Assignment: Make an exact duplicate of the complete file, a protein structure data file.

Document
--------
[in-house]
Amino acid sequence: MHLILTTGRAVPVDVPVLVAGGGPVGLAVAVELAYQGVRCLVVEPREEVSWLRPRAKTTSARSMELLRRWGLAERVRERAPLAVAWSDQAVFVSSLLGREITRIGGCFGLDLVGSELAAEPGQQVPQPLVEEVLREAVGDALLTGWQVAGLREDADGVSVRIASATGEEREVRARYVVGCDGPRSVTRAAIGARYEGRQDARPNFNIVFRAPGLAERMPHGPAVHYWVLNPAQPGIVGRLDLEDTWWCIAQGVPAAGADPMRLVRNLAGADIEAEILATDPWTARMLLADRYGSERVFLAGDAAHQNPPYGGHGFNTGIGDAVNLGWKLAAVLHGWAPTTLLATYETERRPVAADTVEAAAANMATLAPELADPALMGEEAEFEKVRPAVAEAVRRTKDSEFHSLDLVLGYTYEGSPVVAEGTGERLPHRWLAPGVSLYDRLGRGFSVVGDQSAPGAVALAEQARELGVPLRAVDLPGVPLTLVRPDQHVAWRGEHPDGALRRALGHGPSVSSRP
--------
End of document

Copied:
[in-house]
Amino acid sequence: MHLILTTGRAVPVDVPVLVAGGGPVGLAVAVELAYQGVRCLVVEPREEVSWLRPRAKTTSARSMELLRRWGLAERVRERAPLAVAWSDQAVFVSSLLGREITRIGGCFGLDLVGSELAAEPGQQVPQPLVEEVLREAVGDALLTGWQVAGLREDADGVSVRIASATGEEREVRARYVVGCDGPRSVTRAAIGARYEGRQDARPNFNIVFRAPGLAERMPHGPAVHYWVLNPAQPGIVGRLDLEDTWWCIAQGVPAAGADPMRLVRNLAGADIEAEILATDPWTARMLLADRYGSERVFLAGDAAHQNPPYGGHGFNTGIGDAVNLGWKLAAVLHGWAPTTLLATYETERRPVAADTVEAAAANMATLAPELADPALMGEEAEFEKVRPAVAEAVRRTKDSEFHSLDLVLGYTYEGSPVVAEGTGERLPHRWLAPGVSLYDRLGRGFSVVGDQSAPGAVALAEQARELGVPLRAVDLPGVPLTLVRPDQHVAWRGEHPDGALRRALGHGPSVSSRP